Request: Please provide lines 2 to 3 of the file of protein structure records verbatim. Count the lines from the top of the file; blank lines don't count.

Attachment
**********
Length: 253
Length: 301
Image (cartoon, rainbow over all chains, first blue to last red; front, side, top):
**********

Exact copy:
Length: 301
Image (cartoon, rainbow over all chains, first blue to last red; front, side, top):